Wait on the Lord.
Hezekiah trusted his cause to the Lord and the victory came by the hand of His angel. The battle wasn’t Judah’s to win. It was the Almighty God’s — by Him and for His glory. This battle we’re in, it isn’t on our time-line and we don’t wage war against flesh and blood. We can’t see tomorrow or next week and we definitely don’t know how eternity unfolds… which means that we won’t always have an explanation to the tragic hours of our lives.
Will we ever know why days like 9-11 are allowed? Probably not. But our God is sovereign. He does know the why and the how and the end results… and He is love… so we can be confident that He can take something intended for evil and turn it into good. It may be on the other side of this life that we see it, but we will see that everything has worked according to His purpose, for the good of those that love Him.
Satan and the Sennacheribs of this world will tell us that we cannot trust God to deliver us — they will point to the angry smoke billowing and claim their victory. But remember! Jesus Christ gave His life so that the power of sin would be no more — and we can say, “Where, O death, is your victory? Where, O death, is your sting?… Thanks be to God! He gives us the victory through our Lord Jesus Christ!”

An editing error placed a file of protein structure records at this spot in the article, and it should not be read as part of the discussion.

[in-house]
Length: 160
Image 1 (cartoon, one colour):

Look ahead to our future and know that our Lord, the author and finisher of our faith, will bring us to that place where ‘the leaves of the tree are for the healing of the nations… no longer will there be any curse… There will be no more night. They will not need the light of a lamp or the light of the sun, for the Lord God will give them light (Rev.22:2-5)… Now the dwelling of God is with men, and He will live with them. They will be His people, and God Himself will be with them and be their God. He will wipe every tear from their eyes. There will be no more death or mourning or crying or pain, for the old order of things has passed away. He who was seated on the throne said, “I am making everything new!” (Rev. 21:3-5)
So now, as September blue skies are again above me, I step into my day with hope restored. Hope in who He is and the perfect love He has offered to this world. If the day brings good or if the day brings sorrow, I am confident of this, because I sought the Lord, and He answered me; He delivered me from all my fears (Psalm 34:4)…”You hold me by your right hand, You guide me with your counsel, and afterward you will take me into glory. Whom have I in heaven but you? And earth has nothing I desire besides you. My flesh and my heart may fail, but God is the strength of my heart and my portion forever.” (Psalm 73:23-26)